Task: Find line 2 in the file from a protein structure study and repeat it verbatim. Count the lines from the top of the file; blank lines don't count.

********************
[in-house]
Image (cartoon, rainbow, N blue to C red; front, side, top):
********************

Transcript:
Image (cartoon, rainbow, N blue to C red; front, side, top):